(WHAS11) -- The sound of fish frying is a sound volunteer firefighters are happy to hear again at the Milton Fire and Rescue District, because frying fish is their main source of income.
“It makes up pretty much all of our income,” said Milton Fire and Rescue Chief Jason Long. “We can’t not have a fish fry because there is no other way [to survive financially]. We don’t get taxes.”
But on March 2nd, that was quickly taken away.
“I pulled up and it was gone,” said Long. “I really didn’t know what to think.”
A tornado ripped station #2 apart, destroyed a fire truck and wiped out their fish fry trailer.
“We found out after the tornado that we didn’t have proper coverage [for the trailer],” said Long. “So we were wondering what we were going to do to survive because that pays for everything.”
The department has an operating budget of about $96,000 per year. They rely on donations and the possible $52,000 earnings they can make from selling fried fish each weekend.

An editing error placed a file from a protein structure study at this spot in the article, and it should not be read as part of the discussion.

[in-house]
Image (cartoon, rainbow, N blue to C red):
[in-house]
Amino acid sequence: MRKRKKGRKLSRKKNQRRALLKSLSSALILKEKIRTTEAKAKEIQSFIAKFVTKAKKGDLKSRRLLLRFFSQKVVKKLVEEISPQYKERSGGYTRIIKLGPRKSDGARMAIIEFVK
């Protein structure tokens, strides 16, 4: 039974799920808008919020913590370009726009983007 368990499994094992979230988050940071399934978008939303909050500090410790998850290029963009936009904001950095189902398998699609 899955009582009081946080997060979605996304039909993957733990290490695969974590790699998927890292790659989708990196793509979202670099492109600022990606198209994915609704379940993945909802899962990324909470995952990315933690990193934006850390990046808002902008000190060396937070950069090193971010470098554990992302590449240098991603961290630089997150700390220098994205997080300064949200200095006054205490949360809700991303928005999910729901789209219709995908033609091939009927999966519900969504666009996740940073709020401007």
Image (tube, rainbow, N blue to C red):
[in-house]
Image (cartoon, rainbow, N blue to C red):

With a generous $40,000 donation from LG&E, they were able to buy a new fish fry trailer. The insurance paid for a new fire truck and they were able to rebuild the station.
But things are still tough for the 10-person volunteer fire station after Trimble County cut $8,000 from their funding two months after the tornado hit, serving as a new challenge for the district.
Milton Fire and Rescue serves about 3,500 people in their district. Plus, they assist the Bedford Fire Department, covering all of Trimble County, which is about 150 square miles.
The Chief Long says they have already reached nearly 140 calls this year, which are about 20 more calls than the record number they’ve had in the past.